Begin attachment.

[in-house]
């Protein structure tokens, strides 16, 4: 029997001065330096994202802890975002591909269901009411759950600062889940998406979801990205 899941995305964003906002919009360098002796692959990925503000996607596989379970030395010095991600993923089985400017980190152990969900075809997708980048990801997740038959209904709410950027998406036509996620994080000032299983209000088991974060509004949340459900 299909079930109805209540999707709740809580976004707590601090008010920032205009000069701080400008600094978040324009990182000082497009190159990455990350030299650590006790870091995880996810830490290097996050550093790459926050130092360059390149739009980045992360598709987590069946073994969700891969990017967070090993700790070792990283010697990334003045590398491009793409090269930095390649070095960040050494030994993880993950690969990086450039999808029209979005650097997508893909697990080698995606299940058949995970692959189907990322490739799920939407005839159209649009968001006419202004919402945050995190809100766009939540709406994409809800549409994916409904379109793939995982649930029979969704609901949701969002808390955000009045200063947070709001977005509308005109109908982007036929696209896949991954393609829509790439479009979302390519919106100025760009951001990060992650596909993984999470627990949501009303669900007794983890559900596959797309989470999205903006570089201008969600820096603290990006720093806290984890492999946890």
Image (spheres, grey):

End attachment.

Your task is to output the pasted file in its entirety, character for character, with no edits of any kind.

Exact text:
[in-house]
């Protein structure tokens, strides 16, 4: 029997001065330096994202802890975002591909269901009411759950600062889940998406979801990205 899941995305964003906002919009360098002796692959990925503000996607596989379970030395010095991600993923089985400017980190152990969900075809997708980048990801997740038959209904709410950027998406036509996620994080000032299983209000088991974060509004949340459900 299909079930109805209540999707709740809580976004707590601090008010920032205009000069701080400008600094978040324009990182000082497009190159990455990350030299650590006790870091995880996810830490290097996050550093790459926050130092360059390149739009980045992360598709987590069946073994969700891969990017967070090993700790070792990283010697990334003045590398491009793409090269930095390649070095960040050494030994993880993950690969990086450039999808029209979005650097997508893909697990080698995606299940058949995970692959189907990322490739799920939407005839159209649009968001006419202004919402945050995190809100766009939540709406994409809800549409994916409904379109793939995982649930029979969704609901949701969002808390955000009045200063947070709001977005509308005109109908982007036929696209896949991954393609829509790439479009979302390519919106100025760009951001990060992650596909993984999470627990949501009303669900007794983890559900596959797309989470999205903006570089201008969600820096603290990006720093806290984890492999946890």
Image (spheres, grey):